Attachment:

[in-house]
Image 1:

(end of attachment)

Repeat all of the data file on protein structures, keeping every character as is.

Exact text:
[in-house]
Image 1: